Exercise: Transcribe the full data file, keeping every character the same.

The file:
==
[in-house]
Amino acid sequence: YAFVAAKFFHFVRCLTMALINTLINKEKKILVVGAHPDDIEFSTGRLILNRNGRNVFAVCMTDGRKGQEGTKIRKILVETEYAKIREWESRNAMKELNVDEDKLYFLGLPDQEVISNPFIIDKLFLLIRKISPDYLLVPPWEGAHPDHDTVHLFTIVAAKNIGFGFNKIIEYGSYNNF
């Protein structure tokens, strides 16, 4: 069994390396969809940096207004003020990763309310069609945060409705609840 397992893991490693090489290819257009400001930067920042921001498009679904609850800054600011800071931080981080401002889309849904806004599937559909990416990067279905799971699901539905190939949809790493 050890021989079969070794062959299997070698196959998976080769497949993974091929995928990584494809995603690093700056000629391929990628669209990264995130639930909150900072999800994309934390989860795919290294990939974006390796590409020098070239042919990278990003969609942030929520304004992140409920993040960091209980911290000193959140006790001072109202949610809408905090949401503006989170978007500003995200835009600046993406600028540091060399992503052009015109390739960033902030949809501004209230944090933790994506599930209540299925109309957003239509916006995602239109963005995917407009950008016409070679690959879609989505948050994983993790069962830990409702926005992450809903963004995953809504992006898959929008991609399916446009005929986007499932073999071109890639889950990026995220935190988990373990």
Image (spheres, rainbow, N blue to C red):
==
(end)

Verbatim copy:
[in-house]
Amino acid sequence: YAFVAAKFFHFVRCLTMALINTLINKEKKILVVGAHPDDIEFSTGRLILNRNGRNVFAVCMTDGRKGQEGTKIRKILVETEYAKIREWESRNAMKELNVDEDKLYFLGLPDQEVISNPFIIDKLFLLIRKISPDYLLVPPWEGAHPDHDTVHLFTIVAAKNIGFGFNKIIEYGSYNNF
């Protein structure tokens, strides 16, 4: 069994390396969809940096207004003020990763309310069609945060409705609840 397992893991490693090489290819257009400001930067920042921001498009679904609850800054600011800071931080981080401002889309849904806004599937559909990416990067279905799971699901539905190939949809790493 050890021989079969070794062959299997070698196959998976080769497949993974091929995928990584494809995603690093700056000629391929990628669209990264995130639930909150900072999800994309934390989860795919290294990939974006390796590409020098070239042919990278990003969609942030929520304004992140409920993040960091209980911290000193959140006790001072109202949610809408905090949401503006989170978007500003995200835009600046993406600028540091060399992503052009015109390739960033902030949809501004209230944090933790994506599930209540299925109309957003239509916006995602239109963005995917407009950008016409070679690959879609989505948050994983993790069962830990409702926005992450809903963004995953809504992006898959929008991609399916446009005929986007499932073999071109890639889950990026995220935190988990373990």
Image (spheres, rainbow, N blue to C red):